Start by understanding that a federally enrolled Indian tribe is entitled to apply to the EPA to be considered as a state for certain purposes under the Clean Water Act.
A lawsuit is challenging a 1941 law that requires a unanimous decision by the governor, the chief justice of the Minnesota Supreme Court and the attorney general.
If enough Minnesotans speak up, perhaps we’ll return to the days of leadership on the environment exemplified by our regulatory leaders in the Reserve case.
The POST Board could be, and ought to be, in my view, the primary discipline agency for law enforcement officers in Minnesota.
The Minnesota Supreme Court has a chance to promote environmental justice in the question of copper sulfide mining in Minnesota; let’s hope the court rises to the occasion.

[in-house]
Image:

They ought to be able to exercise their rights without hazing, intimidation, and retaliation from elected officials. We’ve had enough of that.
These cases are not mere squabbling about agency decisions; they are about the basic honesty of the agencies and their fidelity to the public interest.
It is just as important to protect the waters of the St. Louis River watershed as it is the Rainy River Basin. There is de facto racism in placing the romantic attachment of outdoor enthusiasts to the BWCA over the interests of the Ojibwe.
The governor said of Minnesota and the PolyMet project, “I think we can do things right.” The record to date is not encouraging.
There was a substantial campaign finance bill passed by the legislature last session, and its consequences are beginning to be felt.
PolyMet’s proposed mine in northeast Minnesota would generate water pollution for up to 500 years.